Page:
Narnumru is a dish of fried eggs on top of fried pomegranate arils. Arils are the fleshy seeds inside the skin and membrane of a pomegranate. 

ARI LEVAUX, for Lee Montana Newspapers

We are lucky to live in an age of pomegranates. It may not roll off the tongue like the Age of Aquarius, but last I checked you can't eat an Aquarius. With more pomegranates being grown and consumed than ever before, the inevitable pomegranate renaissance is upon us. And we can immediately begin enjoying the fruits of it.

In California, the pomegranate harvest is in full swing. About 95 percent of the crop is the large, dark variety called Wonderful. California's 2017 yield is expected to be a bit light, as the trees recover from a multi-year drought. But while yields will be down, the quality of the fruit is expected to be high, as sometimes happens with fruit trees. Expect California pomegranates to be larger, juicier and sweeter. But maybe not cheaper.

Worldwide, pomegranate consumption is on the rise for culinary and health reasons, and there also is demand from cosmetic and pharmaceutical industries, all of which makes for attractive pricing on a fruit that grows by the hundreds on a healthy tree. The trees are low-maintenance, and can adapt to many conditions, including heat and drought. India, the number one producer of pomegranates, continues to expand its pomegranate acreage by replacing dried up apple orchards with pomegranates. Spain and Italy have invested big in recent years as well, aiming to feed a growing European demand, while China has invested the most, including large plantations of soft seeded Tunisian pomegranates, destined mostly for Asia.

While entering new landscapes, like California, Spain and Kenya, pomegranates are an ancient fruit with a deep history in Central Asia, Persia, the Middle East and the Caucuses. Cookbook author Feride Buyuran is from Azerbaijan. From an early age, she told me by email, she saw pomegranates everywhere.

"In front yards, in backyards, and randomly even in parks. They're cheaper than apples," she says. "There are dozens of pomegranate varieties, some sweet, others tangy, some with dark ruby arils, others with light pink and even white."

The arils, of course, are the fleshy seeds inside that tough-skinned, angular sphere. And there are many ways to get them out. A peeled pomegranate looks like the world's biggest and most delicious freshly cut jewel, but takes a little work. Buyuran's website, azcookbook.com, has a video in which she demonstrates how to quickly remove the arils by cutting along the membranes that run between the arils, rather than through them. She then swats the arils from their clingy membranes with a wooden spoon, making it look easy. Alas, I usually end up clawing it apart with my fingers and dumping the arils in a bowl of water so the membranes float out. But I don't try to remove every last shred, as the membranes are where a many of the fruit's potentially medicinal compounds reside.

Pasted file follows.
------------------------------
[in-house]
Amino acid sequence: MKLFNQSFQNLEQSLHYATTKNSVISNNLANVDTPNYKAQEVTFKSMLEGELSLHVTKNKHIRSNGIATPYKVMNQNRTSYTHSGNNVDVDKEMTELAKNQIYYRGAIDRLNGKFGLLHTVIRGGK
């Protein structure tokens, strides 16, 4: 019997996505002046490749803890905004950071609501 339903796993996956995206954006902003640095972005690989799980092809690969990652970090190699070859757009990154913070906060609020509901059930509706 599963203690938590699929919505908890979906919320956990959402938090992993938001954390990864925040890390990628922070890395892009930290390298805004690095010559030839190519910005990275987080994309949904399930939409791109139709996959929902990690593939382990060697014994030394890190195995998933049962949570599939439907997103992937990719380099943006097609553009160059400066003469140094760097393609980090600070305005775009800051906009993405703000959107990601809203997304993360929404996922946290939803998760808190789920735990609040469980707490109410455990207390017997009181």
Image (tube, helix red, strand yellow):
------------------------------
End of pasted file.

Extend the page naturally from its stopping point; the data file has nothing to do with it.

Buyuran also has posted a recipe or a dish called narnumru, from her new book "Pomegranates and Saffron: A Culinary Journey to Azerbaijan". It's basically fried eggs atop fried pomegranate arils, which burst open in the pan's heat and steam the egg sunny side up in the covered pan. It's a shocking dish, both visually and intellectually. But in your mouth, it all makes perfect sense.

She starts with 1/2 cup chopped onion in a pan with butter and a little olive oil. When the onions are translucent, she adds 2 cups of arils (for two eggs), and fries them for a few minutes, before cracking the eggs on top, and covering briefly. If you have a glass lid you can watch the eggs turn white before your eyes in the pomegranate steam.

Everyone in my house thought the idea of frying eggs on pomegranate arils would be awful — even those who professed to love both pomegranate and egg.

"It makes me queasy," my wife said.

"It will be disgusting," my son concluded, ahead of the experiment.

I made a batch, personalized with bacon and browned bits of deer meat prior to the addition of onions. The haters were wrong, of course. And they never got to find out how wrong they were, because I ate it all.

Then I began stir-frying meat with pomegranate seeds, onions and garlic, while playing around with various spice mixtures from pomegranate country. Egyptian dukkah was a standout.

Soon enough, I was marinading meat in pomegranate juice, as Buyuran told me she does with kebabs. If you don't have venison then any red meat, especially a strong-flavored meat like lamb or goat, is wonderful in a pomegranate juice marinade.

Buyuran also adds pomegranate juice to meat stew. Plain juice only, she emphasizes, unsweetened. Back home, she says, "the fresh juice is simmered for long hours to obtain pomegranate molasses, or nasharab, a prized condiment that is particularly enjoyed with grilled fish." As it happens, I have a jar of pomegranate molasses in the fridge that I use for dipping shrimp.

By far, the simplest way to cook with pomegranate is to make what you are going to make, and then sprinkle fresh pomegranate seeds on it. Don't buy the seeds prepackaged; get them out yourself. Sprinkle them on salad, soup, meat, rice, breakfast, lunch, dinner, dessert and see what works. There is no end to the ways we can use the bright juicy tang, balancing the fat in food with a burst of acid. In much the same way that a sip of coffee helps eggs, and wine helps prime rib, a pomegranate helps both. 

That's why, once you jump on board the pomegranate train, you stay on. Wherever it goes.

Ari LeVaux writes Flash in the Pan, a syndicated weekly food column carried in more than 60 newspapers nationwide. Though his audience is national, he says he "always writes about Montana. Usually."


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